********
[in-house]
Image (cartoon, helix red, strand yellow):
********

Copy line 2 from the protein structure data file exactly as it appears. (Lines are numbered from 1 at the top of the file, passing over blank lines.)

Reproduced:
Image (cartoon, helix red, strand yellow):